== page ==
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Fair Game


Tennis or pickleball…whose side are you on? No matter, issues locally appear to have been resolved

TJ headshot AugRecent times in the pickleball/tennis world around Newport Beach has drawn controversy on multiple fronts. As most everyone agrees, pickleball has turned out to be a force to be reckoned with, while arguably being the fastest growing sports craze in America.

But, don’t count tennis out just yet! Tennis players, although more reserved in their approach, have made it known locally that their sport is also worthy of protecting, especially from the encroachment by the rival pickleballers.

If you’ve been following the scene, we won’t call them wars, but there’s certainly been some good skirmishes.

First, land rights and ultimate control have been the major issues at The Tennis and Pickleball Club at Newport Beach. Ownership partners Bob O. Hill, on one side, and Brett Feuerstein and Ryan Chase, on the other, have been engaged in court, battling for leadership to provide future property and development direction.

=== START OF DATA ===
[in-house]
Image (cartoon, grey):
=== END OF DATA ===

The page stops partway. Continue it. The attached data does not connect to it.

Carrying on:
That issue was finally resolved in recent days by arbitration, ultimately giving O. Hill and his 50% stake the controlling voice moving forward.

In question was the direction and ultimate buildout of the club/property. O. Hill backs Sean Bollettieri-Abdali, the present operator who has added in a huge pickleball component to an already existing well-run tennis facility.

Sean’s strong efforts will continue.

Furthermore, O. Hill has had plans to add a small resort hotel and perhaps several condos to the property, but not until the early 2030s.